Oct. 24 (Bloomberg) -- Audit firms that make sure emission-reduction projects obey rules of the 1997 Kyoto Protocol may stop accepting jobs on Jan. 1 because of surging risks associated with their work, according to a lobby group.
Some auditors may “consider not requesting any further registration or issuance of projects for at least some categories as long as they consider themselves exposed to a non-acceptable risk,” according to a report e-mailed today by the Designated Operational Entities and Independent Entities Association in Geneva.
The Clean Development Mechanism executive board has asked United Nations climate envoys in Doha, Qatar, to approve rules that require so-called DOEs to buy and retire emission credits in the market should regulators decide the firms’ work included “significant” deficiencies, the lobby group said. Those rules could damage an audit firm’s financial position while there are no insurance products available, it said.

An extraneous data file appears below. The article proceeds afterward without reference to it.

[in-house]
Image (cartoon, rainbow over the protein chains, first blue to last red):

The association said UN envoys should consider requiring some nations participating in emission-reduction projects to accept the risk of replacing excess credits, according to the report.
Alternatively, the executive board could identify a cap on the total liability, which may enable development of insurance products, the group said.
The CDM auditors make sure each project obeys market rules derived from the UN-overseen protocol, which has targets for industrialized countries through this year. They include SGS SA, Det Norske Veritas Ltd., Tuev Sued and Bureau Veritas SA.
The EU has said it’s willing to extend the protocol.
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